New trail, surfing spot bolster Platte greenway

Remote-controlled wave adds to growing aquatic offerings on river


Denver-area surfers rejoice: There’s a new wave to catch on the South Platte River.

On June 5, officials from South Suburban Parks and Recreation District and several partner agencies dedicated a new stretch of the Mary Carter Greenway, the bike trail that stretches along the South Platte, adding a mile to the East Bank Trail.

The new trail, which runs between Union Avenue on the south to Oxford Avenue on the north, runs parallel to an older trail on the west side of the river. It’s designed to alleviate some of the congestion on what’s becoming a heavily-used two-wheeled highway, said South Suburban park planner Pam Cornelisse.

“This has been a primarily industrial area for a long time,” Cornelisse said of the trail, which is sandwiched between an aggregate mill, a metal recycling facility and a junkyard. “But we’re reclaiming it into a place to be enjoyed.”

But the real action at the dedication was down in the river itself, where surfers splashed in the wake of a “hydraulic wave shaper,” a narrow chute that creates a wave that can be adjusted up or down by park employees.

The new wave shaper joins another just downstream installed in 2016 at Englewood’s River Run Park, said Ken McKenzie, executive director of the Urban Drainage and Flood Control District, which was instrumental in reworking the stretch of river.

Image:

The stretch joins an increasing number of aquatic amenities along the river, McKenzie said, a big shift from just a couple decades ago.

In the 1990s, McKenzie said, he once burned through half a roll of film taking photos of a canoe going down the river.

“It was so unusual to see anyone recreating in the river back then,” McKenzie said. “Today we see it all the time, and we’re thrilled. People take care of what they love.”

The wave shaper is a welcome addition for river surfers, said J.B. Breidenbaugh, owner of Littleton’s Altitude Paddleboards.

“It’s a tremendous safety improvement” over the old spillover dams in about the same spot on the river, Breidenbaugh said. “I can bring friends and novice paddlers here, and not worry they’re going to get banged up.”

The trail, too, is a big step toward reclaiming the stretch of river from decades of neglect, said Robert Searns, the Mary Carter Greenway’s project developer.

“We’ve turned No Man’s Land into a park,” Searns said of the new stretch of the trail.

The work of improving the Mary Carter Greenway will never truly be done, Searns said.

“But,” he said, “anyone can see it’s really coming into its prime.”


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